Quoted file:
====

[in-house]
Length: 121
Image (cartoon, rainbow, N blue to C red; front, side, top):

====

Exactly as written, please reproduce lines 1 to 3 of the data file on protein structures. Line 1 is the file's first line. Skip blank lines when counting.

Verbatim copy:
[in-house]
Length: 121
Image (cartoon, rainbow, N blue to C red; front, side, top):